In today’s interview I am going to introduce you to a very valuable member of the IOTA community, based in the Netherlands, active, sincere in his opinions. He has a creative mind and very innovative ideas, wich you can read about at IOTA Untangled, a project he is carrying out together with his wife Hanna Vas Sambeek.
Last week I had the chance to have an extensive talk with him, we went through various topics during the communication and I must say that on that occasion he made me see things about these new technologies and how to present them to others from another perspective.
This interview definitely deserves a good read, I introduce you to Bas Van Sambeek.
Content Coordinator and Writer
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Can you tell us about you? What’s your background and what do you do currently?
I’m currently enjoying my new-born daughter. I call her my Natural Neural Network. It’s so much fun seeing her learn new things and develop into her own person, even at such a young age.
I am also contemplating a narrower focus for my company next year. I run my own business as a communication strategist. Here I help high tech start-ups and SME’s adopting new technology with a change of perspective. They all need to rebalance from inwards and technology driven, to outwards and customer driven. I translate their business strategy to communication: changing “what I do” to “what I do for you”. And give reflection from customer feedback on their business strategy. Communication works both ways, but you have to listen for it to work.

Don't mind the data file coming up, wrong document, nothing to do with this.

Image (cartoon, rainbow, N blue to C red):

Tell us briefly about your first experience with cryptos. How did you discover IOTA?
A friend of mine was talking to me about Bitcoin changing the world in 2015, but it didn’t click back then. I didn’t see the utility of “digital money”. Interestingly enough, I was looking into sensor networks already back then. By adding sensors to buildings you could measure if office productivity was hindered by high levels of CO2, or if energy was wasted in empty rooms. I loved that. So it was sensors before blockchain for me.
Only near the end of 2016 did I get the decentralization part of blockchain. When I was ready to buy Ethereum early 2017, I ran out of disc space to download the blockchain, and that way missed the sweet opportunity of the Ethereum bull run. It did teach me a lot about important aspects of cryptocurrency, and especially some drawbacks.
I was just enjoying the increases of the first part of the bull run when I encountered IOTA. And within no time I had sold my other coins and went for IOTA. I just couldn’t justify diversification, no matter how logical it sounds from an investment strategy point of view.